Moscow, August 8, Interfax - The Federation of Jewish Communities of Russia (FJCR) views the words of Yury Bondarenko, the director of the Russian-Polish Dialogue Center, who had said the Jewish people take "the mellowest and profitable place in every sense," monetizing the Holocaust tragedy and "dividing the spheres of influence" with the Armenians, as an insult.
"It's regrettable that the head of a government organization responsible for establishing contacts between the peoples is voicing arguments on the Jews' and the Armenians' aspirations to monetize their tragedy. Such words are insulting to two nations that had fallen victims to horrendous reprisals," the FJCR's press service cited Boruch Gorin, the head of its public relations department, as saying.
Such statements "demonize the Jews and the Armenians in the eyes of their neighbors, presenting them as soulless monsters willing to forget about the tragedy of their people for money, undermine the interethnic and interfaith accord in Russia and constitute its opponents a reason to claim that xenophobia's revival is allegedly taking place at the state level in Russia," Gorin said.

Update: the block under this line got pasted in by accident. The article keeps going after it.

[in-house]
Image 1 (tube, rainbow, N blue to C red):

The FJCR representative said he hopes that the Russian authorities will take necessary measures to ensure that "such statements imbued with national hatred continue to remain a marginal phenomenon in the country."
Last week, Russian-Polish Dialogue Center director Bondarenko commented on the historical discourse in the policy of current Polish authorities in his own way in an interview with the E-Vesti magazine.
"The Polish elite are to a great extent, predominately, disposed in such way that the Poles' identification is rewriting history, which should result in making the Poles the most discriminated nation ever. At least, in Europe. One can monetize every tragedy in a very beneficial way, if they wish, and receive all sorts of compensations from Germany and many others. To put it bluntly, the Poles are claiming to take the place, which is currently taken by the Jews. [...] Namely the Jews were asked to vacate the seat of the king of the hill. Although O. Henry had said that Bolivar cannot carry double, it already did, the Armenians joined the Jews. They shared [the spheres of influence] and have been fine to date," he said.